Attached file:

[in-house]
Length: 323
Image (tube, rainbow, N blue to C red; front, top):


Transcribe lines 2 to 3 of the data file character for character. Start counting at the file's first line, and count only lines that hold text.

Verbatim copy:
Length: 323
Image (tube, rainbow, N blue to C red; front, top):